The Impact of a Carbon Emissions Reduction Pledge
Forty world leaders attended President Joe Biden’s two-day climate summit coinciding with Earth Day 2021. Biden used this summit as his platform to announce an ambitious emissions reduction pledge. But how is this pledge going to impact America?
What are the target numbers found in this emissions reduction pledge?
The newly announced emissions target calls upon the U.S. to slash carbon emissions 50 to 52 percent by 2030 from 2005 levels. While that was the key focus found in Biden’s announcement, it was not the only number specified. Hidden much deeper within the fact sheet released by the White House is the electricity target. The Administration wants the U.S. to be 100 percent reliant upon “carbon pollution-free electricity” by 2035.
Do these targets have teeth?
Easy answer? Yes and no. The scope of these targets is so broad that it is hard to point to one specific Congressional action and call it an enforcement item. However, there are several key things that Congress and the Administration are working on that could likely be labeled enforcement of these targets.
Upon announcement, the Biden Administration itself suggested a few items that make progress towards their aims. Items cited included; rejoining the Paris Agreement and organizing initiatives under the new National Climate Task Force. The White House also referenced submitting this target to the United Nations Framework Convention on Climate Change (UNFCCC) as a nationally determined contribution. While these are all independently noteworthy items, a common criticism, particularly in the case of the Paris Agreement, is that they are frivolous.
While the executive branch continues to tout actions such as those described above, Congress will have much more of an impact on what happens. Climate change and environmentalism have been legislative buzzwords on Capitol Hill long before Biden was elected. But the past few weeks have shown a specific focus on two legislative proposals that each would offer teeth to Biden’s targets; the American Jobs Plan backed by Biden and the Republican-backed Energy Innovation Agenda.
How would these legislative proposals reach the targets and impact the nation?
The American Jobs Plan is a massive legislative proposal encompassing both climate and infrastructure. The White House Plan comes with $2 trillion price tag that they plan to pay for through aggressive tax hikes. They claim the plan will, “invest in America in a way we have not invested since we built the interstate highways and won the Space Race”. This aggression legislation includes investments in breakthrough environmental technologies, the electrical grid, and sustainable infrastructure. But, as the American Conservation Coalition explains, much of what the plan contains are non-starters for fiscally-minded voters:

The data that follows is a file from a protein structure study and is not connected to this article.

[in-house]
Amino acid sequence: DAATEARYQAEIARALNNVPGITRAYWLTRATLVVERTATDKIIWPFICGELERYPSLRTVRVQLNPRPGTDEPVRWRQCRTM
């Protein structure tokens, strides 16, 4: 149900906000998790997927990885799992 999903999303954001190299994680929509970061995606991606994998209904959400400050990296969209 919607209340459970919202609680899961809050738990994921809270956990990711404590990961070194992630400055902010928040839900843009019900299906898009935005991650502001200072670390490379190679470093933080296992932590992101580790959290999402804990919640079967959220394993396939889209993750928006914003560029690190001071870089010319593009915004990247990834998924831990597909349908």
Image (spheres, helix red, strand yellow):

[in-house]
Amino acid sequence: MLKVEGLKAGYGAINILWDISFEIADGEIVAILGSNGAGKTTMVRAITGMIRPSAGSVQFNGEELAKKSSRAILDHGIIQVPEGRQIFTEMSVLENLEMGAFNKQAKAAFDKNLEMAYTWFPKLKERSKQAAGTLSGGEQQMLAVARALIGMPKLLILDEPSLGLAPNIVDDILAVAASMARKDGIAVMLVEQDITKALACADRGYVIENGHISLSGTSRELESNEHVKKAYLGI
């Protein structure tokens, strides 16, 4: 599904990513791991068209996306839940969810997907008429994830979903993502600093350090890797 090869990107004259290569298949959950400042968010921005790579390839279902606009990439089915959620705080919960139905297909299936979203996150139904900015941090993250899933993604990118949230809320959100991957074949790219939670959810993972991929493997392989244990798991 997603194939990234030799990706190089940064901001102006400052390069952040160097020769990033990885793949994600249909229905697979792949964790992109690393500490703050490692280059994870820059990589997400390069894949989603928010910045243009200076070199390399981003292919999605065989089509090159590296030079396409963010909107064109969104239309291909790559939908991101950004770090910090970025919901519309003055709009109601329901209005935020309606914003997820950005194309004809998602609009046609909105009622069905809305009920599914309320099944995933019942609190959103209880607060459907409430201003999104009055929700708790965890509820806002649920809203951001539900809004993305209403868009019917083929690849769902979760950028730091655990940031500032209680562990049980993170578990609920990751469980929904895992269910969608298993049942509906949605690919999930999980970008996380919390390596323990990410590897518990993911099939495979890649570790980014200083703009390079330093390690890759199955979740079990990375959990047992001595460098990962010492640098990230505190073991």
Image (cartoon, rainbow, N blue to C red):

President Biden is right that revitalizing America’s infrastructure presents an opportunity to put Americans back to work and tackle climate change. Grid modernization, electric vehicle infrastructure, nature-based infrastructure, and developing carbon capture and battery storage technologies are worthy investments. Yet, his American Jobs Plan is bloated, fails to streamline burdensome regulations, and is too focused on public sector spending. Nearly one-fourth of the package’s total price tag goes towards the ‘care economy’, instead of real infrastructure projects.
In contrast to the American Jobs Plan, the Energy Innovation Agenda rolled out by Congressional Republicans is a package of over 30 bills focused on three categories: environmental innovation, energy infrastructure, and natural solutions and conservation. Many of the bills are bipartisan and focus on topics such as streamlining regulations that slow down clean energy projects, the deployment of nuclear energy, utilizing trees for natural carbon capture, and more.
When discussing this plan, Minority Leader Kevin McCarthy (R – CA) stated:
Our members have been working for years to develop thoughtful, targeted legislation to reduce global emissions by ensuring we can develop and build new technology at home that is clean, affordable, and exportable. Unlike Democrat plans, ours don’t kill American jobs or make American energy more expensive through increased taxes and regulation. Instead, House Republicans are focused on solutions that make American energy cleaner, more affordable, and more accessible to reduce emissions around the world.
The Final Takeaway
Reducing our carbon emissions and turning toward renewable energy sources are both good things. However, the devil lies in the details. In seeking to accomplish these goals, America must lead through innovation, market-based solutions, and fiscally responsible proposals.